The age of the smart speaker is over. Now we live in the age of the smart display, which is basically a smart speaker with a screen slapped on to show you fancy pictures. We already have the Echo Show, Facebook's portal, and Lenovo's Google Assistant-powered tablet, but now Google has just confirmed that the HomeHub is indeed a thing - and not a bunch of fake leaks used to screw with overzealous journalists and bloggers.
As the leaks have shown, it's a small tablet display attached to some sort of stand covered in the same material we've seen on the likes of the Google Home and all those related products. That's hardly a surprise really, trust Google to stick with that seems to work. As you can see it's not very big, especially compared to the jumbo-sized Pixel Slate.
Unlike some of the competing products, however, the Home Hub will have access to Google services. YouTube, Photos, and of course the Search engine itself. YouTube integration has been optimised for use with Hub, which is no doubt going to be something Google uses in its baffling logic arguments as to why the service can't be on non-Google devices. As for Photos, you can use the display to show a slideshow of all your photos, though Google will use machine learning to filter out the rubbish ones you may not want on display.
As Google mentioned in the livestream, there's no camera on top. The idea is to try and make people comfortable to having them in their home, without being worried about someone snooping on them when they're wandering around in their pants. Voice wise it's able to recognise individual users, which Google says is to offer a more personalised experience for everyone in the home. I imagine it also means you can prevent your kids from doing stuff they shouldn't, like watching weirdo YouTube channels or cheating on their homework. In any case, Hub also has filters to make sure nobody is accessing adult content when they shouldn't be.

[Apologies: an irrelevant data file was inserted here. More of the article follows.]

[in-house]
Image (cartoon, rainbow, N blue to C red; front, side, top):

If you're big on the smart home tech, Home Hub also comes with something called 'Home View'. It's essentially a dashboard you can access by swiping down on the screen (or using your voice) to give you an overview of the smart things you've bought and installed - just in case you can't remember if the Smart Lock actually locked and don't want to get out of bed. That integration also merges smart home gadgets into the Hub, with compatibility with thousands of brands - not just the ones owned by Google or Alphabet. The example they used was the Nest doorbell, which will automatically send a feed of who's been ringing the bell to the Hub screen.
The display itself also has an ambient light sensor, altering the brightness and colours based on the local area - to the point where it will filter out blue light in the evening and turn off at night.
It's also available in four colours. Mint green, pink, dark grey, and white. Buying one will also get you six months of free YouTube premium, which gives you an ad-free experience and unlimited access to YouTube and Google Play Music. If you need physical controls Home Hub can also be controlled with the Google Home app, which has had a design overhaul to match the display's own interface.
Price-wise the Home Hub is going to cost £139 and will be available here, alongside the US and Australia, from 22nd October.